The introduction section is a key part of the abstract in original articles, that conveys a message to the readers whether they should read the article or not.
You may ask why!
My answer is:
The introduction section of the abstract should include a statement of the problem, or the study logic. If this section is written weakly, or sometimes wrongly, it directly says that the paper is useless and there is no need to spend time reading it!
In my experience,
I have seen hundreds of abstracts with no clear statement about the necessity of the study in the introduction section. Also, many of them have used an inappropriate writing style or addressed irrelevant information! Indeed sometimes, the author cite the sources in the introduction section of the abstract, which is a big technical mistake.
Here, I recommend a simple but efficient approach to organizing and writing the different sentences of the introduction section of an abstract for an original article.
The introduction section should consist of two sub-sections:
Depending on the format of the journal, the author may write those sub-sections separately, or write them all under ‘Introduction”.
This sub-section may consist of two short sentences, with the first sentence specifically mentioning the core content and the statement of the problem, or any statement that refers to the study logic or shows how necessary the study was. Most authors forget to state the problem in that specific study population, and wrongly, they just state it in general. For example, if the author studied the prevalence of Hepatitis B for the first time in the Seychelles, they should not state the problem worldwide, or in Africa.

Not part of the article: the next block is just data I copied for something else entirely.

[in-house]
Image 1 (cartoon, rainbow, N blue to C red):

They should be explaining the logic behind the study exactly in the Seychelles, for example, the increasing reports of Hepatitis B in the islands and the inadequate knowledge on the occurrence and prevalence of Hepatitis B in the islands.
Therefore, the background sub-section should not be something like a general statement. It should either state the problem in the study population (that is the reason the authors performed this research, or study logic), or say something about the gap in the existing knowledge of an issue in the study population that encouraged them to do the research in order to fill that gap or made the study necessary.
In the objective sub-section, the author should quickly address the main research question or hypothesis in the form of a research objective.
The author may present the general objective of the study or address one specific key objective, or list more than one specific objective. This part usually consists of one sentence, but in some cases, it may consist of more sentences. Even in such rare cases, my recommendation is to merge the specific objectives all in one clear and complete sentence.
For example, if the author requires presenting all of the main specific objectives, they can use this format:
The aim of the study was to determine the prevalence of X, to determine the relationship between X and Y, and to assess the effect of X on Y.
In the above example, the author has presented three specific objectives in one clear, concise and complete sentence.
The author should be aware of using appropriate verbs in stating the specific objectives, as those verbs have special meanings in terms of research methods and statistics. For example, “To Determine”, “To Identify”, “To Asses”, “To Examine” and “To Develop” are commonly used verbs in stating the specific objectives of quantitative research while verbs like “To Explore” and “To Investigate” are commonly used in stating the specific objectives of qualitative research.